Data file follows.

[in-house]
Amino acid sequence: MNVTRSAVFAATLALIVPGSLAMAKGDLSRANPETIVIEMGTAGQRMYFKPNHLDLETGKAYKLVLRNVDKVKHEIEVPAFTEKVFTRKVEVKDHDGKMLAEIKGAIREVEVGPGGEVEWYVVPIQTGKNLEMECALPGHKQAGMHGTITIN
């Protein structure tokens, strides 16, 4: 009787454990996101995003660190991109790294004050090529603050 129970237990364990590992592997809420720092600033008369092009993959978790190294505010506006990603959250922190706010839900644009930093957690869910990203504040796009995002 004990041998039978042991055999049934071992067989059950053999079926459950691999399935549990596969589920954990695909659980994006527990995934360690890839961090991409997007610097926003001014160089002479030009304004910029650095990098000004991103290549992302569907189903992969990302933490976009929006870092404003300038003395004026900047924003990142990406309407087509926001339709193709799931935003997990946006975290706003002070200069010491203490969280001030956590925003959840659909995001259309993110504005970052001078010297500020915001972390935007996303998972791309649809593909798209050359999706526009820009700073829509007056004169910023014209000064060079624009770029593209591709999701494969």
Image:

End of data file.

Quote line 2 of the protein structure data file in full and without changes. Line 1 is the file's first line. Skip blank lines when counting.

Amino acid sequence: MNVTRSAVFAATLALIVPGSLAMAKGDLSRANPETIVIEMGTAGQRMYFKPNHLDLETGKAYKLVLRNVDKVKHEIEVPAFTEKVFTRKVEVKDHDGKMLAEIKGAIREVEVGPGGEVEWYVVPIQTGKNLEMECALPGHKQAGMHGTITIN